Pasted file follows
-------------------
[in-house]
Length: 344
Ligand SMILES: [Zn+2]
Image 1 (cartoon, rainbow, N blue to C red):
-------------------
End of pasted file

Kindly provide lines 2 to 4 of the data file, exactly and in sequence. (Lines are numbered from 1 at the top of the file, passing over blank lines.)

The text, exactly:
Length: 344
Ligand SMILES: [Zn+2]
Image 1 (cartoon, rainbow, N blue to C red):